Las Vegas Race: Sunday Summary

The morning was packed with activity and we just made it to first practice. On the out-lap I spun up the rear on the throttle coming out of turn 4. The cold tire instantly broke loose and we were sideways. When a sidecar spins “chair away” it’s bad news. That’s how you flip over. as the chair started to come up and my right toe started dragging on the ground I knew this was going to be bad. We were barely going 30mph at this point and we were a breath away from flipping over onto the asphalt. I gave one last twist of the throttle in the hopes I could break the rear loose enough to go a full 180 degrees. At the same moment Vanessa slid inboard to stop from being sling-shot out of the bike as it went around. That was enough to help break the rear tire loose and put a little “whip” into the spin, sending us around backwards. I got some rear brake on which- now travelling backwards- took enough weight off the front tire that we whipped around again, making it a full 360. In the mirror I saw Vanessa tumbling on the asphalt, so I coasted over to the edge of the track and looked back to see if she was okay. Oddly, she was already standing beside me by then. “Sorry about that, cold tires. You okay?”, I said. She seemed all smiles and said she was okay, and was ready to finish the practice session. What a trooper.

The rest of the session was uneventful. We worked on our line through the last few corners and I concentrated on loosening my arms up while braking, hoping it would reduce the amount of shaking as we slowed. There was little left to do other than add fuel and wait for our race.

This time from the start I used a little more revs and worked the clutch. We were screaming toward turn 1 with Becker Moto Works right beside us. We had the inside line and it was a game of who would brake last. Wisely Becker got things slowed down early and we took the lead into turn 1. I had a little more speed than I knew what to do with and the cold tires let go as I opened the throttle. The slide was a bit spooky but more importantly is scrubbed speed off, bunching everyone up behind us. I got a decent run through the short-chute to turn 3-4, but I remembered spinning on those cold tires and took it easy. Becker whooped right by on the inside and I set off after him. The next turn saw Team RGM come by. The semi-retired former champ (Rick Murray) was running a rookie passenger but didn’t seem to be affected by it. I charged hard and was stunned to see we were keeping up with him. We gained ground on the brakes by starting to brake first, but also getting off the brakes first. I was able to sneak our nose up tantalizingly close in the slow turns, but didn’t have the drive to get around. On lap 2 as I set up a wide entrance to the hairpin at the end of the back straight, Team Excalibur dove inside and blocked my entrance. They managed to get by Team RGM in short order as well, and this gave them a little incentive to sneak away from me. Team Brahma also came by and began to get away. I saw the Wood brothers behind me after that (no relation to me).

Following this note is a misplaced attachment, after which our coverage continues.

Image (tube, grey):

They had been fairly close on Saturday’s race but faded near the end, so I wasn’t really concerned. However, today’s race was six laps instead of eight, and they seemed bound and determined to catch up. The would gain ground on the brakes, but not enough to strike. So it went for a few laps until I caught a wicked headshake and almost blew turn 1. I gathered it up but not only were they right behind, but so was Team Subculture. This duo of Wade Boyd and Christine Blunk are veterans, and had managed to yard us in Saturday’ s race, and every other race for that matter. The fight was on.